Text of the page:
Indigenous Peoples Day celebrated across the US with cultural events and ceremonies

Indigenous Peoples Day is a day to honor the histories and cultures of the Native Americans who were the first inhabitants of America. The day is celebrated on the second Monday of October, coinciding with the federal holiday of Columbus Day, which has been criticized for glorifying the colonization and genocide of indigenous people.

President Joe Biden officially commemorated Indigenous Peoples Day in 2021, saying that the day is meant to “honor America’s first inhabitants and the Tribal Nations that continue to thrive today.” According to the Pew Research Center, 17 states and Washington, D.C., have holidays honoring Native Americans. Dozens of cities and school systems also observe Indigenous Peoples Day.

Indigenous Peoples Day

Sunrise gatherings, dances and speeches mark the celebration of culture

On October 9, 2023, Native Americans celebrated their culture and heritage with various events across the country. Some of the highlights were:

  • In Minneapolis, Minnesota, about 150 people, including the governor and lieutenant governor, attended a sunrise prayer and ceremony at Bde Maka Ska, a lake surrounded by parkland on the south side of the city. The event featured drumming, singing, dancing and speeches by indigenous leaders and activists. Thorne LaPointe, an organizer who is Sicangu Lakota, said: “Today, we recognize our ancestors and predecessors who really laid the foundation for us to stand. And we will always recognize our elders who are here and those who have gone on before us, who really kicked open the doors in their time, nationally and internationally.”
  • In Augusta, Maine, several hundred people rallied outside the State House in support of a Nov. 7 statewide vote that would restore language about the state’s obligations to Native American tribes to printed versions of its constitution. Maulian Bryant, Penobscot Nation ambassador and president of the Wabanaki Alliance, said: “We are here today to celebrate our culture, our history, our resilience and our future. We are also here to educate people about why this constitutional amendment is so important for us as sovereign nations.”
  • In Seattle, Washington, a celebratory march was held from Westlake Park to City Hall, where indigenous speakers addressed the crowd. The marchers carried banners and signs with messages such as “We are still here” and “Honor Native treaties.” One of the organizers, Matt Remle, who is Lakota, said: “We are here to celebrate our existence, our survival, our resistance and our resilience. We are also here to demand justice for our missing and murdered indigenous relatives, for our sacred lands and waters, and for our future generations.”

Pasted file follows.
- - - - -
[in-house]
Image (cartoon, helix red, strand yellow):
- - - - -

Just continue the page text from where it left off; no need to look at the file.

• In Phoenix, Arizona, a gathering was held at Steele Indian School Park, where dancers performed in traditional Aztec clothing. Sifa Matafahi, who is Tongan American, said: “This is an opportunity to pay respect to indigenous cultures, to learn from them, to appreciate them and to reflect on our past and history while also acknowledging our cultural presence.”
  • In Anchorage, Alaska, a festival was held at the Alaska Native Heritage Center, where visitors enjoyed traditional dancing, music, food and crafts. The event also featured a panel discussion on indigenous perspectives on climate change. Crystal Frank, who is Athabascan and Inupiaq Eskimo, said: “This is a day to celebrate who we are as indigenous people. We have a lot to offer to the world in terms of our values, our knowledge and our ways of living in harmony with nature.”

A day to raise awareness and advocate for change

Indigenous Peoples Day is not only a day to celebrate culture but also a day to raise awareness and advocate for change. Many indigenous activists use the day to highlight the ongoing issues and challenges that Native Americans face in terms of land rights, environmental justice, health care, education and representation.

Some of the goals that indigenous advocates are working towards are:

  • Reclaiming indigenous names for places that have been colonized or renamed by settlers.
  • Protecting sacred sites and natural resources from exploitation and destruction by corporations and governments.
  • Ending violence against indigenous women and girls who are disproportionately affected by human trafficking, domestic abuse and murder.
  • Promoting indigenous languages and cultures in schools and media.
  • Supporting indigenous self-determination and sovereignty in political and legal matters.

Indigenous Peoples Day is a day to honor the past but also to envision the future. As President Biden said in his proclamation: “On Indigenous Peoples Day we recognize that we can only build back better by fully acknowledging not erasing our history; by honoring not ignoring Tribal sovereignty; by ensuring not impeding access to opportunity; by listening not silencing Tribal voices; by celebrating not appropriating Indigenous cultures; by standing with not against Native communities; by repairing not deepening broken promises; by respecting not exploiting our natural resources; and by advancing not obstructing the cause of justice for all people.

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